Tahir Hamut was actually one of the first poets I translated, almost ten years ago. I met him soon after I started translating his work, since I was also living in Ürümchi, capital of China’s Xinjiang Uyghur Autonomous Region, at the time. He’s a terrific conversationalist with wide-ranging interests, and I’ve enjoyed exchanging ideas with him on all manner of subjects over the years. I used to ask him occasionally why he didn’t write much poetry anymore, since I regard him as one of the most talented living poets writing in Uyghur. (His poem “Returning to Kashgar” is perhaps my favorite.) Over the last couple years it’s been exciting for me that he’s suddenly reemerged with a torrent of new work, every bit as good as his work from the nineties.

When I translate work by a living poet—and most poets I translate are still around—I usually produce a semi-final draft of my translation, and then get in touch with the poet about any lingering questions of meaning or interpretation. Those conversations can be quite lengthy, and in fact I really enjoy them; as a non-poet myself, it’s a unique chance to have some access to the literary thought processes of poets I admire. Speaking with Tahir about his work, we’ll sometimes slip briefly from Uyghur into Chinese to discuss a word or a line from the “meta” level of a second language.

Interesting that you call yourself a non-poet. I wonder if you are of the camp that considers a translated poem a new poem all its own? Or do you think it is strictly a translation?

There’s lots of interesting theory on the subject by people who’ve thought about it longer than I have, so I’ll just share my own sense of it. A translated poem is not exactly a new poem, but it’s definitely distinct from the original work. The endless choices confronting a translator constitute a great deal of creative freedom, but the starting point of each choice is still the original poem, and in that sense translating poetry differs fundamentally from writing it. One analogy that comes to mind is music: different musicians will interpret a composer’s work differently, but their performance will still be guided by the same notes on the page. READ MORE…

Weekly Dispatches from the Frontlines of World Literature

Updates from Brazil, Argentina, Germany, and Austria

Would you believe we have already reached the end of January? We’ve already brought you reports from eleven different nations so far this year, but we’re thrilled to share more literary news from South America and central Europe this week. Our Editor-at-Large for Argentina, Sarah Moses, brings us news of literary greats’ passing, while her new colleague Maíra Mendes Galvão covers a number of exciting events in Brazil. Finally, a University College London student, Flora Brandl, has the latest from German and Austrian.

Asymptote’s Argentina Editor-at-Large, Sarah Moses, writes about the death of two remarkable authors:

The end of 2016 was marked by the loss of Argentinian writer Alberto Laiseca, who passed away in Buenos Aires on December 22 at the age of seventy-five. The author of more than twenty books across genres, Laiseca is perhaps best known for his novel Los Sorias (Simurg, 1st edition, 1998), which is regarded as one of the masterworks of Argentinian literature.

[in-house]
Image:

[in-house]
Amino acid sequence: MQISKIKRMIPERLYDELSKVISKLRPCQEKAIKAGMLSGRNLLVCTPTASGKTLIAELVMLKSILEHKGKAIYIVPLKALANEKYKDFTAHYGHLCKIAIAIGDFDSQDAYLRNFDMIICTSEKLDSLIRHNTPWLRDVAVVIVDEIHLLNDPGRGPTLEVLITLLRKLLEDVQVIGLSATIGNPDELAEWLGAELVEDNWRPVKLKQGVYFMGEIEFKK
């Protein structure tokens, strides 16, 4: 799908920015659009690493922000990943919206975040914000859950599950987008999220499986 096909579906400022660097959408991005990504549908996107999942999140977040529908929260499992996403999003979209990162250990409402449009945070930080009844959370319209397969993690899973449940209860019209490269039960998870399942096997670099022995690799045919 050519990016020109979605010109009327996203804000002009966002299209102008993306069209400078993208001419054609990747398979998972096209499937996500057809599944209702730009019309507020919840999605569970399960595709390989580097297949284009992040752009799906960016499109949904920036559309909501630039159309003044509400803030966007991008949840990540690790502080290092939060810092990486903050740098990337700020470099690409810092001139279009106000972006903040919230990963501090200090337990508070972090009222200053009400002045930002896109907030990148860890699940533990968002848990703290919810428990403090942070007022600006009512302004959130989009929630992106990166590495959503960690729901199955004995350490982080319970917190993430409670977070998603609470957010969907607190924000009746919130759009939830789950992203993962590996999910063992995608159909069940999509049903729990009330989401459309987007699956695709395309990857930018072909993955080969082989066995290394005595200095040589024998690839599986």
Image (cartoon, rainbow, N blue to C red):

Laiseca also appeared on television programs and in films such as El artista (2008). For many years, he led writing workshops in Buenos Aires, and a long list of contemporary Argentinian writers honed their craft with him.

Some two weeks after Laiseca’s passing, on January 6, the global literary community lost another great with the death of Ricardo Piglia, also aged seventy-five. Piglia was a literary critic and the author of numerous short stories and novels, including Respiración artificial (Pomaire, 1st edition, 1980), which was published in translation in 1994 by Duke University Press.

The first installments of Piglia’s personal diaries, Los diarios de Emilio Renzi, were recently released by Anagrama and are the subject of the film 327 cuadernos, by Argentinian filmmaker Andrés Di Tella. The film was shown on January 26 as part of the Museo Casa de Ricardo Rojas’s summer series “La literatura en el cine: los autores,” which features five films on contemporary authors and poets, including Witold Gombrowicz and Alejandra Pizarnik.

On January 11, the U.S. press New Directions organized an event at the bookstore Eterna Cadencia in anticipation of the February release of A Simple Story: The Last Malambo by Argentinian journalist Leila Guerriero and translated by Frances Riddle. Guerriero discussed the book, which follows a malambo dancer as he trains for Argentina’s national competition, as well as her translation of works of non-fiction with fellow journalist and author Mariana Enriquez. Enriquez’s short story collection, Things We Lost in the Fire (Hogarth), translated by Megan McDowell, will also appear in English in February.

READ MORE…

Spotlight on Indian Languages: Part II

Do not sing sad songs, O wind

This is the second installment in a five-week spotlight on Indian languages, to complement the Indian Poetry Special Feature in the new Winter Issue of Asymptote. For the next few Thursdays, you can discover a spectrum of new voices translated from different regional languages. These writers, in many cases, have never been featured on the blog or in English before. This week’s poem is Kshetri Prem’s translation of Arambam O Memchoubi’s Manipuri text “O wind, do not sing sad songs”.